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Brain & Nervous System Health Center

Brain Aneurysms: To Operate or Not to Operate?

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"This surprised many experts who were accustomed to treating nearly all identified unruptured aneurysms," says S. Claiborne Johnston, MD, MPH, an assistant professor of neurology at University of California at San Francisco who reviewed the guidelines for WebMD. As the task force could not rule out the possibility of bleeding even from small aneurysms, it recommended that patients with small aneurysms be considered for surgery, depending on their age and other factors.

"I'm very supportive of surgery in younger patients, but more conservative in the oldest patients with the smallest aneurysms," Bederson says. "It boils down to how old is the patient, and what is their life expectancy?"

Patients age 65 or older had four to five times as many complications from surgery -- including death -- as did patients younger than age 45. And as older patients have a shorter remaining life span than do younger patients, they have a shorter period of being at risk for aneurysm rupture.

Almost half of patients die within 30 days of aneurysm rupture, and about half of the survivors have irreversible brain damage. "So if your brain aneurysm ruptures, you have only a one in four chance of doing well," Bederson says.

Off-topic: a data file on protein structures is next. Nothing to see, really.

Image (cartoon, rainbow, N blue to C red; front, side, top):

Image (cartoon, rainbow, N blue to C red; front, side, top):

Aneurysms that are large, growing, or causing symptoms are more likely to rupture. Other factors favoring surgery include history of rupture from another aneurysm or having a relative with an aneurysm. If unruptured aneurysms are not operated on, they should be followed periodically with brain scans to see if they are getting larger.

"It's important to seek out a center that has a good record of treating aneurysms," Bederson says. "But determining which centers have a good record can be difficult, even for a surgeon, let alone for a layperson."

Surgeons and hospitals have no central board accrediting them on their performance of aneurysm surgery, nor are they required to publish their own track record in this area. Studies in medical journals suggest that the death rate ranges from zero to 7%, and the complication rate from 4% to 15%.

Although "the treatment of an unruptured [brain] aneurysm is generally very safe, and the outcome is usually good," Bederson explains that centers performing more than 10 aneurysm surgeries per year had less than half the death rate of centers rarely performing aneurysm surgery (5% vs. 11%).

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